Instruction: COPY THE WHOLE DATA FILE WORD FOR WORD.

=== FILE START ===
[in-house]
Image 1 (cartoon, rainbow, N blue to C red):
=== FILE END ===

[in-house]
Image 1 (cartoon, rainbow, N blue to C red):